Thursday, January 13, 2011

The Elizabethan Poem in Praise of Cannabis

by Stephen J. Gertz

Frontispiece portrait of John Taylor,
engraved by Thomas Cockson,
from The Workes of John Taylor (1630).

“Sweet sacred Muses, my invention raise
Unto the life, to write great Hempseeds praise...”

So begins The Praise of Hemp-seed, a minor epic poem dating from 1620  by John Taylor (1580 - 1653), who, though all but unknown to modern readers, was a prolific writer with over 150 works published in his lifetime and was amongst the most popular poets of the Elizabethan Era.

Known as “The Water Poet” - his primary source of income derived from his profession as a waterman, the trade of boatmen who ferried passengers across the Thames - his poetry, while far from gemstone, was notable for its diamond wit and keen  observations of the contemporary social and cultural scene.

Of what use is hemp?

“This grain grows to a stalk, whose coat or skin
Good industry doth hatchell twist, and spin,
And for mans best advantage and availes
It makes clothes, cordage, halters, ropes and sailes.”

Taylor enumerates the many manufacturers and trades dependent upon hemp, not the least of which are pharmacy:

“Apothecaries were not worth a pin,
If Hempseed did not bring their commings in;
Oyles, Unguents, Sirrops, Minerals, and Baulmes,
(All nature’s treasures, and th’Almighties almes),
Emplasters, Simples, Compounds, sundry drugs
With Necromanticke names like fearful Bugs,
Fumes, Vomits, purges, that both cures, and kils,
Extractions, conserves, preserves, potions, pils,
Elixirs, simples, compounds, distillations,
Gums in abundance, brought from foreign nations.”

All manner of physical complaint is relieved. “Most serviceable Hempseed but for thee, These helpes for man could not thus scattered be.”

One of the more notable aspects of The Praise of Hempseed is that within Taylor acknowledges the death of Shakespeare four years earlier and his place in poetry’s firmament; he was the first poet to do so:

“In paper, many a poet now survives
Or else their lines had perish’d with their lives.
Old Chaucer, Gower, and Sir Thomas More,
Sir Philip Sidney, who the laurel wore,
Spenser, and Shakespeare did in art excell,
Sir Edward Dyer, Greene, Nash, Daniel,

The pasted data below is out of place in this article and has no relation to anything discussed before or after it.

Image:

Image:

Sylvester, Beaumont, Sir John Harrington.
Forgetfulness their works would over run
But that in paper they immortally
Do live in spite of death, and cannot die.”

Taylor may have known William Shakespeare. In The True Cause of the Waterman’s Suit Concerning Players (1613 or 1614) he writes about the waterman’s dispute with London theater companies, which in 1612 had moved from the south bank of the Thames to the north, thus depriving the ferrymen of lucrative traffic.

Taylor was unabashedly attracted to the pleasures of life; amongst his many poems is A Bawd. A vertuous bawd, a modest bawd: as she deserves, reproove or else applaud (London: [printed by Augustine Mathewes] for Henry Gosson, 1635).

While we're on the subject , let us not pass over Taylor’s statement of hemp’s efficacy in matters of passion:

“Besides it is an easie thing to prove
It is a soveraigne remedie for love.”

A fascinating aside: Taylor wrote one of the earliest palindromes whose authorship can be firmly credited, one that celebrates a lifestyle of dubious morality, hempseed and the flesh:

“Lewd did I live & evil I did dwel.”

The title page to The Praise of Hemp-seed contains a declaration that could have come out of the mouth of hemp’s favorite spokesman in the modern world, actor Woody Harrelson:

“The Profits arising from Hemp-seed are
Clothing, Food, Fishing, Shipping
Pleasure, Profit, Justice, Whipping.”

Don’t know about the whipping. Lashes made from braided hemp threads? Shades of psychopathic Harrelson in Natural Born Killers!

In seventeenth century England the hemp plant was exploited for all it was worth. Contrary to Armour Meat Packing’s famous claim that when processing pigs they used everything but the squeal, when hemp was processed in Elizabethan England, they used everything and the squeal - of pleasure.

It is a measure of how literary reputations, popularity, and book collecting tastes ebb and flow that in 1902 a copy of the 1630 folio edition of The Workes of John Taylor sold for an astounding half of  what a Shakespeare Second Folio (1632) fetched, 100% more than what a first edition of John Donne’s Poems (1633) sold for in the same year (Out of Print & Into Profit, p. 203).

Now, unfortunately, when we think of the Waterman, if we think of him at all, we probably think of this latter-day H2O-guy:

It’s enough to drive a body into the arms of Mary Jane. Put that in your pipe and smoke it.

TAYLOR, John. The Praise of Hemp-Seed. With the voyage of Mr. Roger Bird and the writer hereof, in a boat of brown-paper, to Quinborough in Kent. First edition. London: [printed by E. Allde] for H. Gosson, 1620.

STC 23788.

The Praise of Hemp-Seed is an exceedingly rare book. OCLC/KVK record only one hard copy (many on microfilm or digital file) of the first edition and only a handful of the second edition i1623) in institutional holdings worldwide. ABPC reports no copies of either edition at auction within the last thirty-five years.

Read the complete text of The Praise of Hemp-Seed here.


  1. "whipping" probably refers to rope whipping using hemp, hemp ropes where the technology that powered the Elizabethan navy and the merchant navy

  2. Great post... Coincidentally, I was just reading Louisa May Alcott's short story, "Perilous Play," which is about a similar topic and written by someone who's been dead for a while (though not quite as long as Taylor).

  3. it's kinda too good to be true that it was written in 1620. that's 24-hour time for 4:20

  4. does it mean they were smoking and gettin high?


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